The Lou Marsh Legacy - Honouring Canada's Top Athletes

Guy Lafleur



Action photo of hockey athlete Guy Lafleur

Action photo of hockey athlete Guy Lafleur

Paul Bereswill/HHOF Images

Those are some pyjamas!

The term “dynasty” emerges once again on May 14, 1977 as the Montreal Canadiens complete the finest season of any club in NHL history. They sweep the Boston Bruins in four straight and collect their second consecutive Stanley Cup punctuating the year with a remarkable 73-10-11 won-lost-tied record in 80 regular season games and 14 playoff games.

Leading the offensive attack the whole way is Guy Lafleur. He takes home a complete set of hardware to prove it, winning the Hart Trophy as league MVP, the Art Ross Trophy as NHL scoring champ and the Conn Smythe Trophy as the top man in the playoffs. Of course the ever humble “flower” as most of the hockey world refer to him, is quick to point out these are team awards. Yes, with Larry Robinson, Serge Savard and Guy Lapointe defending, Steve Shutt and Jacques Lemaire helping on the attack and Ken Dryden in the net, to name just a few, he is indeed surrounded by a formidable group, and yet his brilliant playmaking still stands out. His wild and explosive rushes pull fans out of their seats like no other, maybe with the exception of Rocket Richard! With seemingly clairvoyant on-ice peripheral vision and skating mastery he is every opposition’s nightmare.

For Lafleur it is a dream come true. From a very early age he lived and breathed hockey, envisioning one day playing for the Canadiens and only the Canadiens! Jean Beliveau ruled in young Guy’s books and when he scored a hat-trick at the renowned Quebec Peewee Tournament as a ten year-old, Mr. Beliveau presented him with a hat. That encounter left Guy with an indelible imprint of a classy gentleman and a standard to shoot for.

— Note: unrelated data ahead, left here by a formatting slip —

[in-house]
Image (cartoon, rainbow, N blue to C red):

Young Lafleur played hockey every single moment that he could. In his hometown of Thurso, Quebec, he would sneak into the local arena early in the morning to get skating time in. From the age of seven he began to sleep in his hockey gear so that he was ready to go that much sooner. Eventually he negotiated to exchange chores for ice time with the arena manager. He started cleaning pig stalls and herding cows at a friend’s farm at age nine to get in shape. He would run miles after working in the fields and other kids thought he was nuts. One of Guy’s teachers often stated that you must make sacrifices to make it big. He took that message to heart.

Teammate Steve Shutt once described the strange behaviour of Guy Lafleur, who could be found sitting in the locker room with his full uniform on, skates tied tight and stick at the ready at 4 o’clock for an 8 o’clock game! It might have been a carryover from his sleeping in gear era, but much more likely an expression of his uncontainable desire to play hockey.

Lafleur honoured with Marsh Trophy Adobe PDF Transcript


Selected 1st overall by Montreal in Amateur Draft
1972 – 1973, 1976 – 1979
Five Stanley Cups—Montreal Canadiens
1974 - 1980
Six straight years of 50 goals and 100 points
Lou Marsh Memorial Award
1988 - 1991
Played three years after being inducted into Hockey Hall of Fame